A team of researchers and clinicians explores new frontier for telemedicine and finds opportunities to provide high-quality care.
A virtual vascular clinic can conveniently deliver high-quality care that generates high patient satisfaction scores, researchers say.
To create a pilot study of a virtual vascular clinic, the researchers established imaging-equipped satellite clinics linked to a health system. The satellite clinics were conveniently located for patients, who had virtual visits with vascular surgeons at the satellite locations.
"Synchronous telemedicine with point-of-care ultrasound is effective in evaluating common vascular conditions. Virtual care may be used for management of patients with chronic vascular disease," the researchers wrote in an article published in the Journal of Vascular Surgery.
From October 2015 to August 2016, 55 patients were treated at the pilot virtual vascular clinic. The patients had telehealth visits with a surgical provider via Skype for Business, clinical data was entered into the health system's electronic medical record, and the satellite facilities that the patients visited for their Skype session provided imaging and laboratory services.
The conditions of the patients included both arterial problems such as aneurysm and venous problems such as varicose vein.
Patient satisfaction scores were high, the researchers found:
- 91% of the patients reported they would highly recommend a virtual physician visit to a friend or colleague
- 100% said their virtual visits were more convenient than traditional office visits
- 100% said they were given clear information about their health during the virtual visits
- 100% said they could communicate effectively with their surgical provider
For vascular care, virtual office visits have several advantages over traditional office visits, the researchers wrote.
"The use of telemedicine with point-of-care ultrasound testing shortens access times for the patients and maintains quality of care because of increased availability of laboratory testing and clinic space at the satellite locations," they wrote.
Having results from imaging and laboratory immediately at the satellite locations enabled interpretation, diagnosis, and management of patient conditions closer to their homes, the researchers wrote.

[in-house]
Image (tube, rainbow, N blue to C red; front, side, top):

"The immediacy of test results also enables the referring physician to prescribe a comprehensive management of the patient's disease, leading to greater efficiency, less wait time, and faster service," they wrote.
Virtual vascular surgical clinics have the potential to not only improve access for patients but also boost the market for vascular care, the researchers wrote.
"This new patient care model may improve access for patients who choose to have the convenience of expert surgical services and laboratory testing closer to home. Increased satisfaction of the patients will create new markets for patients who otherwise may not be served by vascular specialists."
Operating virtual vascular clinic
The pilot virtual vascular clinic was geared for convenience, efficiency, and quality:
- Patients were scheduled to visit satellite locations equipped with Intersocietal Accreditation Commission-accredited vascular laboratory testing
- Customer service representatives checked insurance coverage status of patients
- Physicians ordered medical management and imaging electronically
- For additional testing, patients went to their satellite location's vascular laboratory either the same day or before their follow-up visit
- Patient evaluations by offsite vascular surgeons included a clinical history, a visual physical exam, a diagnosis, and implementation of a care plan
- A registered nurse played the role of tele-presenter at the satellite locations and could remove sutures, assess wounds, and send photographs of incision sites
"Using secured videoconferencing technologies, telemedicine may replace traditional clinic visits, save patients time and travel, and improve use of limited surgeon and facility resources," the researchers wrote.
Christopher Cheney is the senior clinical care editor at HealthLeaders.